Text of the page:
Almost immediately after Katherine Mansfield died from tuberculosis, her husband John Middleton Murry began cashing in on her legend, her work, her talent—possibly because he had none of his own. Several editions of her stories, letters, and notebooks began to hit the presses, Murry plotting this mere weeks after her death, despite her injunction to destroy most of her letters:”Have a clean sweep, Bogey, and leave all fair – Will you?” This volume issued forth in 1930, a staggering collection of all of KM’s book reviews that she churned out for Murry’s periodical, The Athenaeum, between April 1919 and Dec 1920. 321 pages worth, all delicately phrased, intelligent reviews of books that were published during that time.
The quality of her reviews makes me want to stop pretending that I come close to reviewing books here (and actually, I don’t claim to. This is a mere memory aid for me). She frequently pairs novels together, like her cousin Elizabeth’s Christopher and Columbus reviewed alongside Rose Macaulay’s What Not.
It seems to me that her feelings about the authors influenced her opinions of their work. Compare her attitude toward her cousin’s writing (whom she loved) to that of Virginia Woolf’s (with whom she had a complicated relationship). The first example below is for Elizabeth.
‘Elizabeth’ appreciates their danger, for the minds of toads and spiders are open books to her. But having them by heart, she, with her delicate impatient pen, is not in the least tempted to make a solemn copy of them. All that she wants she can convey with a comment – at a stroke. There is a whole volume for one of our psychological authors in Mr. Twist’s quarrel with his mother; she dismisses it in a little chapter.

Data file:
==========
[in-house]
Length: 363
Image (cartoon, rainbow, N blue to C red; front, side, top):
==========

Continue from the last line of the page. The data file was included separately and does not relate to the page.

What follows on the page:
And therein perhaps lies her value as a writer; she is, in the happiest way, conscious of her own particular vision, and she wants no other. She is so enchanted with the flowers growing in the path she has chosen that she has not, as the twins might say, a ‘single eye to spare’ for her neighbors. In a world where there are so many furies with warning fingers it is good to know of someone who goes on her way finding a gay garland, and not forgetting to add a sharp-scented spray or two and a bitter herb that its sweetness may not cloy.
On Virginia’s Kew Gardens:
But it would seem that the author, with her wise smile, is as indifferent as the flowers to these odd creatures and their ways. The tiny rich minute life of a snail—how she describes it! the angular high-stepping green insect—how passionate is her concern for him! Fascinated and credulous, we believe these things are all her concern until suddenly with a gesture she shows us the flower-bed, growing, expanding in the heat and light, filling a whole world.
On Virginia’s Night and Day (a review which rankled VW, who noted “KM wrote a review which irritated me – I though I saw spite in it. A decorous elderly dullard she describes me; Jane Austen up to date.”):
It is impossible to refrain from comparing ‘Night and Day’ with the novels of Miss Austen. There are moments, indeed, when one is almost tempted to cry it Miss Austen up-to-date. It is extremely cultivated, distinguished and brilliant, but above all—deliberate. There is not a chapter where one is unconscious of the writer, of her personality, her point of view, and her control of the situation. We feel that nothing has been imposed on her: she has chosen her world, selected her principal characters with the nicest care, and having traced a circle round them so that they exist and are free within its confines, she has proceeded, with rare appreciativeness, to register her observations. The result is a very long novel, but we do not see how it could be otherwise. This leisurely progression is essential to its manner, nor could the reader, even if he would, drink such wine at a gulp.
Among other notables, she reviewed Gertrude Stein’s Three Lives, a seemingly positive review until the last line, “Heaven forbid Miss Stein should become a fashion!”